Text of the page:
By Neola D
Walking through the bylanes of a red-light area can be quite unnerving. It took a while to get to the place as the cab driver checked not once but thrice with me if I had the correct address. He later told me in Bengali: “Madam, this is a red-light area, please be careful.” I politely explained that I was aware, and was visiting a Child-Friendly Learning and Recreation Centre (CFLRC) run by an NGO, World Vision India, located there.
What many people fail to realise is that a red-light area is also home to children who are stigmatised by virtue of either being born there or moving there with their mothers.
Things have, however, changed since November 2017 in a small part of this big community.
“A few months ago, I thought it was my fate to accept my mother’s profession and that I too would be forced to get into the same line. But today things are different. I feel like I can do anything because I’m finally going to school,” says 14-year-old Riya, who is attending one of the eight CFLRCs in Kolkata’s red-light areas.
“Our aim is to stop second-generation trafficking by safeguarding children of women involved in commercial sex work from being inescapably drawn into sexual exploitation. Day in and day out children see their mothers soliciting customers on the street and then later entertaining them in their only living room. There is a risk that these children might grow up accepting it as a way of life,” says Joseph Wesley, who heads World Vision India’s Anti-Child Trafficking Project.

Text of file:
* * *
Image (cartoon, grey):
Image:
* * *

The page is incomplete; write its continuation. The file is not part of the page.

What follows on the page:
Take the case of Riya, whose mother Latika, a mother of two, came to Kolkata after two failed marriages — one of which was at the age of 13. Left with no options, Latika took up sex work like her elder sister. While Riya’s brother stayed with her parents, she stayed with her father for a while and later on with her younger aunt.
A few months ago, when Riya fell sick and had to be hospitalised, her aunt told her mother to take her back and even suggested she be married off as she was now 14. But Latika did not want Riya to have a similar fate as hers and decided to bring Riya to Kolkata, along with her son, as her parents had passed away.
In a red-light area, however, teenage girls like Riya find it difficult to stay with their mothers, as they are vulnerable to abuse by pimps, customers and other men. Latika was being questioned by the police about Riya’s identity and even the “malik” (owner) who she rents the room from asked for official documents to prove that the child was not trafficked. However, Latika did not have Riya’s birth certificate or school identity card as she had not been enrolled in a school. Worried, she was desperate to find alternate living arrangements for her daughter.
That is when a sex worker (whose son studied in the centre) introduced Latika to the CFLRC. Understanding the risk Riya faced, she was immediately enrolled in the programme and in a school with the centre’s support.
Institutions like the CFLRC help children like Riya, who find it difficult to continue their education due to lack of adequate support and guidance. They bridge the gap and give them a fighting chance at a better future through special coaching, activity-based psycho-social support, recreation and nutritious snacks.
As we observe Universal Children’s Day on November 20, it is important we look at the challenges that make children vulnerable in our country. All children have the right to grow up in a safe environment, even those who are born to commercial sex workers and live in red light areas.
(Neola D’Souza is Communications Associate, World Vision India)